Just this past week I was talking with handful of advisors in New Jersey who informed me that the New Jersey Bureau of Securities has officially adopted the NASAA model rule requiring RIAs to have a formal continuity plan in place in the event of death or disability of a key individual, principal or owner.
In April, 2015 the North American Securities Administrators Association (NASAA) issued its model rules for continuity and succession planning. The new rule asks state regulated RIAs to implement continuity and succession plans to protect clients from “key-man” risk – the risk that key personnel at small wealth management firms might suffer death or disability and leave clients unexpectedly fending for themselves.
NASAA generally expects states to promulgate their own specific rules bases on the model rule within 12-18 months of the passing of the model rule. New Jersey is the first state that I have come across in my conversations with advisors that has adopted the model rule, and adopt it they did (almost verbatim):
Business continuity plans, which generally provide for, but are not limited to, the following:
2) Establishing alternate means of communication with customers, employees, and regulators;
3) Office relocation, in the event of a loss of principal place of business; and
4) A designation of duties to responsible person(s) in the event of the death or disability of a key individual, principal, owner, or other such personnel.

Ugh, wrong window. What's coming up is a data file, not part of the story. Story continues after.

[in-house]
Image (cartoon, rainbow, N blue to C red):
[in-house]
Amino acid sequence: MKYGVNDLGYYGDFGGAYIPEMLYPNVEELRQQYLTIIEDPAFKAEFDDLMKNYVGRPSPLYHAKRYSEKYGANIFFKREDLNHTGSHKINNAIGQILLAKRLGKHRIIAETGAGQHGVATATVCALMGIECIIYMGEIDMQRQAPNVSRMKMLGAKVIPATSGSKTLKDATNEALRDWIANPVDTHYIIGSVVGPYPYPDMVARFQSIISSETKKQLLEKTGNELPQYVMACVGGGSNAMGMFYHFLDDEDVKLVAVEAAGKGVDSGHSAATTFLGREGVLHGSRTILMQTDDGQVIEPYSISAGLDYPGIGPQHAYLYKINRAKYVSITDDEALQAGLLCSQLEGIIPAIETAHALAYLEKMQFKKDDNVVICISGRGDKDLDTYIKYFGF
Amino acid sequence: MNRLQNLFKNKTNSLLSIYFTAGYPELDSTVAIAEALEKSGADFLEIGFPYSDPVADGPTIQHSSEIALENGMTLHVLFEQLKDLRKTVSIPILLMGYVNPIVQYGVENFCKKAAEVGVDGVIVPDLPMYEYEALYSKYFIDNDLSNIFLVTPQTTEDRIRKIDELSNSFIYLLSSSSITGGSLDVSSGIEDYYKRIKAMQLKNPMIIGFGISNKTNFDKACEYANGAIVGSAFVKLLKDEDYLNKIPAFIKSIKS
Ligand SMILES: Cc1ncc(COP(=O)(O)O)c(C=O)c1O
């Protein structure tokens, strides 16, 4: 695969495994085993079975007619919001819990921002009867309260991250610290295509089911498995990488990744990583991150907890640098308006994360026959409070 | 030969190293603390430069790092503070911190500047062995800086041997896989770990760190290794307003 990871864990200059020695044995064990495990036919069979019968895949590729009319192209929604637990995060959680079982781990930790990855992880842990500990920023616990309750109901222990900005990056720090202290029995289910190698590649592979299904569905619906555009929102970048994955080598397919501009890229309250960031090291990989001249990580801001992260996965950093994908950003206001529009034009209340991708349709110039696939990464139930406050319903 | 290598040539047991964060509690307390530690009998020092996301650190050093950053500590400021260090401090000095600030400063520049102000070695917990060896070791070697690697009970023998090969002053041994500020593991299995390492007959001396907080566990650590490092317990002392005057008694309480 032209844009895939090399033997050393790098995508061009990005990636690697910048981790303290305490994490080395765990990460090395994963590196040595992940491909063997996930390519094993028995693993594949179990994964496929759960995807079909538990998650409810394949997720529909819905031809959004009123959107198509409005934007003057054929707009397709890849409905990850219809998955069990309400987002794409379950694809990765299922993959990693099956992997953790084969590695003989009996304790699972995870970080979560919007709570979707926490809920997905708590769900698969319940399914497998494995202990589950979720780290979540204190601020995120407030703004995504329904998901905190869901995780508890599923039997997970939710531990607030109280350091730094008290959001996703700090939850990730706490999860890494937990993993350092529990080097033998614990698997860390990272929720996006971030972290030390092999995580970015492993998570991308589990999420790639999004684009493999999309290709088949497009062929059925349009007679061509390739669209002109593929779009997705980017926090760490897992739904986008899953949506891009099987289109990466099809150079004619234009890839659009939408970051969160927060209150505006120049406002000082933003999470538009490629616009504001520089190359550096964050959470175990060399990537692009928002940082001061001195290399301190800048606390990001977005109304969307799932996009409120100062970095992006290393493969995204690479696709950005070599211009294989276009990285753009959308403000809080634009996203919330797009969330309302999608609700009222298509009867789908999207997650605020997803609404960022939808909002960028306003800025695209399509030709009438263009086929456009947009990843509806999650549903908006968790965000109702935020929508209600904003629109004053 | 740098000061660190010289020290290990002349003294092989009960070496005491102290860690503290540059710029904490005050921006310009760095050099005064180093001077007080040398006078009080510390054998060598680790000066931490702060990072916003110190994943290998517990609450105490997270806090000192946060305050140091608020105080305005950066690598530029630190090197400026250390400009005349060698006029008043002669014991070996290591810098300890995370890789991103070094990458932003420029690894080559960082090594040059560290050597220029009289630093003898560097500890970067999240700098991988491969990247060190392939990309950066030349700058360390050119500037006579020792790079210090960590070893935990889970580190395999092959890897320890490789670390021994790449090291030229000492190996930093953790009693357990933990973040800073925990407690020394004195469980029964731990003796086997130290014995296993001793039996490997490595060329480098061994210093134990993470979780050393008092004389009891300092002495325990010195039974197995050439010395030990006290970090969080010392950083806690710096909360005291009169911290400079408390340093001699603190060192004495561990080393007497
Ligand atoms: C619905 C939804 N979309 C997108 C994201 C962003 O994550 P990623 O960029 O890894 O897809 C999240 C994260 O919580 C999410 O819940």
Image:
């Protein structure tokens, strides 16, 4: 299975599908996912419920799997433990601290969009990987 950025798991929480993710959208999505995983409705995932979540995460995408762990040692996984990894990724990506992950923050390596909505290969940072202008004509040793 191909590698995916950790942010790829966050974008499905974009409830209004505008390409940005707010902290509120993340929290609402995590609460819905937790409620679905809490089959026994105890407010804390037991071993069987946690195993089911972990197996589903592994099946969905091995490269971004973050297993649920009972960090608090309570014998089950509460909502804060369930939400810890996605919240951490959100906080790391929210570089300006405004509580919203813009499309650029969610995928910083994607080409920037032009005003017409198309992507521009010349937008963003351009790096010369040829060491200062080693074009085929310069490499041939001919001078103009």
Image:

Now a topic that was once a “best practice” or “nice to have” is thrust to the foreground and has left many solo-practitioners and small ensembles in New Jersey scrambling for ideas on how they are going to satisfy this requirement. The good news for those advisors without a continuity plan in place is they can simply formalize a wind down of their practice. Unfortunately, this doesn’t really take care of the clients or realize any kind of value for their practice, and for these reasons is not a very attractive option.
Most advisors have no continuity or succession plan in place. Those who do often have a “handshake” agreement with a local firm in their study group. These types of agreements typically lack the details and/or the enforceability that may be required by the new rules.
Even when advisors put a formal agreement in place with another firm, they often overlook a very practical consideration: when the time comes to absorb your firm, does the acquiring firm have the capacity to handle all the new clients at once? In many cases, both firms in the agreement are solo practitioners struggling to manage their existing client load and do not have the systems or the resources to absorb the new clients without sacrificing service to their own clients or to both sets of clients.
Pinnacle offers its own unique contingency solution called PRISM (Pinnacle’s Revocable Institutional Succession Model). It is a simple, low-risk continuity planning solution is designed to protect you clients and your family in the event of death or disability. You are able to continue to run your practice as you always have comfortable knowing your clients will receive the same high level of service as you provided from industry leading wealth management firm Pinnacle Advisory Group and that you and your family will receive market value for your firm. We offer a webinar each month
New Jersey is just the first state I have come across that has turned this best practice into a regulatory requirement. I’m sure the rest of the states are in various stages of adopting the NASAA model rule.